The poem, ‘She Walks in beauty’ by Lord Byron, uses language in a melodic way, as if it is a song. For Byron, the woman in the poem is almost otherworldly or saintly, representing the divine beauty of the universe in corporeal form, as she fully embodies both darkness and brightness within her, yet remaining graceful and good at all times in her soul.
KEY LANGUAGE FEATURES
‘cloudless climes and starry skies’ – the opening imagery of the poem creates a perfect, beautiful setting for the lady; therefore, she is the idealised subject of Byron’s poem. On the surface the poem seems idealistic, however, the adjective ‘starry’ perhaps implies that there is something fated or tragic about the relationship – as traditionally in literature references to the stars convey the idea that fate watches over and predetermined people’s lives on earth – Shakespeare, for instance, calls Romeo and Juliet ‘star-crossed lovers’; we could intimate that there is something similarly ill-fated about the lovers in this poem.
‘So soft, so calm, yet eloquent,’ – the soft sibilant ‘s’ and fricative ‘I’ sounds in this line convey the gentleness and gracefulness of the lady’s beauty. This echoes in later lines, such as ‘Where thoughts serenely sweet express’ – the poem then begins to pick up other alliterative sounds such as ‘w’ in the phrase ‘Which waves in every raven trees’.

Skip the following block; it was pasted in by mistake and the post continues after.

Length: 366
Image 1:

‘dark and bright’ / ‘One shade the more, one ray the less’ – these antithetical oppositions are perhaps evocative of good and evil, because darkness and light are often used in literature to symbolise this dichotomy. This creates an unsettling undertone to the poem – suggesting that the woman’s grace and calmness, her beauty and divine qualities are offset against something darker, which is equally alluring. Nevertheless, the end of the poem seems to resolve this complexity by offering a final comment on the lady: ‘days in goodness spent, / A mind at peace with all below, / A heart whose love is innocent!’ – the speaker seems to affirm several times that the lady is ultimately good, pure, innocent and peaceful.
The adjective ‘raven’ suggests perhaps a touch of ambiguity about the woman, as ravens typically convey a gothic atmosphere of darkness (further conveyed by the semantic field of darkness ‘dark’, ‘raven’, ‘night’, shade’) – something which initially may seem counter to the lady’s heavenly and ethereal beauty, but, the speaker asserts, her darkness in fact only enhances her appeal as she embodies the ‘best of dark and bright’ equally.
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